Fine-art photographer Renee Rodriguez was eating breakfast on the morning of June 12, 2016, when a news bulletin flashed across the TV screen in her small Galveston apartment. The horrifying report was the first account of the Pulse nightclub massacre in Orlando, Florida.
As the details unfolded, Rodriguez learned that Pulse was an LGBTQ dance club popular with the young Latinx community. It was packed with more than 300 people when a gunman entered the establishment. He murdered 49 people and wounded 53 more.
Rodriguez was speechless. The can of Coke in her hand slipped from her fingers and hit the floor with a thud. Then she went into shock.
“The horrendous act of striking down innocent lives, at the same time they were celebrating life, devastated me,” Rodriguez, a lesbian Latinx woman, remembers. “It could’ve been me rejoicing and dancing. The people killed that night would never dance again. I knew I had to do something for those blessed lost souls.”
Rodriguez then began working on Viva Pulse, an art piece that honored the 49 lives that were lost. She assembled 49 of her photographs—one photo for each murder victim—that expressed different aspects of the human spirit. The collection was first displayed at the Tremont Gallery in Galveston.
“Viva Pulse moved people,” Rodriguez says. “Some would even stand there and cry. After that, I had no choice. I knew I was destined to create more tributes to those lost lives,” she explains.
In 2017, Rodriguez created Pulsation, her second exhibition that was created for the tragedy’s first anniversary. In 2018, she produced a tribute photo album entitled Redemptive LOVE that is dedicated to the memory of the victims. It was presented at the Houston FotoFest Biennial Portfolio Review. The collection was so well received that Rodriguez was invited to show it at an Art Museum of the Americas event in Washington, DC.
In honor of the fifth anniversary of the Pulse nightclub massacre, Rodriguez will showcase a collection of her Pulse tribute photos at the Texas State Capitol in Austin this month. Rodriguez’s Pulse/49: A Remembrance from the Texas Exhibition will feature five Latina artists and hang in the second level-Rotunda, where all are invited to view it.
Lorena Fernandez is a Houston-based Latina artist who holds a PhD in Expressive Arts Therapy and Coaching. She was a natural choice for the Pulse/49 exhibit. “My heart is broken over the senseless gun violence, discrimination against our LGBT community, and the discrimination against Black and brown people that is rampant in America today. When Renee invited me to participate in this tribute, I saw it as a spiritual opportunity to offer my art to our suffering human hearts,” Fernandez says.
Shawna Stroup Billet is a remarkable mixed-media artist who finds inspiration in nature and culture, which she then expresses through organic form, bold color, and dramatic line. She had very personal reasons to articulate the community’s feelings of grief and renewal. “For me, this opportunity offered healing during the year of COVID. I was dealing with the loss of close friends and family. I understood well the process of grief that the families, partners, spouses, and friends have endured in the five years since Pulse, and I wanted to help provide their loved ones with a sense of peace and healing through my art,” she explains.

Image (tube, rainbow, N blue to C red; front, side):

Nanette Sandoval is a passionate illustrator and artist, and a self-identified Mexican American Houstonian. “I am a Latina lesbian with a partner and son, so the tragedy really hit home for me. I was inspired to create an art piece for the Pulse/49 show. Each soul lost is represented by a ray of color in the rainbow, reminding us that each one continues to shine brightly and is not forgotten,” she states.
Mitch D’arte is a Latina art teacher and award-winning artist whose powerful work is a striking addition to the show. Her participation was a perfect fit, as she also saw herself in the victims. “I related to the loss through my ancestry—I am also a Latina lesbian. In our culture, a hummingbird is a messenger between two worlds, so I chose the hummingbird as my messenger [sent by] those who passed to speak to those they left behind. I created Ve y diles que estoy bien (Go and tell them that I am fine) for the show. It’s painted on a sheer canvas, representing a veil that the viewer can see through to the other side of two worlds,“ D’arte states.
Rodriguez says she is very pleased with the way Pulse/49 is shaping up. “I’m just happy to be able to be creative, and to share my passion for those who are no longer here. I feel it’s a part of my duty, not only as an artist, but as a human. Art is essential to all life, and photography is essential to mine,” she concludes with a twinkle in her eyes.
What: Pulse/49: A Remembrance from the Texas Exhibition
When: June 11–17
Where: Second-level Rotunda at the Texas State Capitol in Austin, 1100 Congress Ave.
This article appears in the May 2021 edition of OutSmart magazine.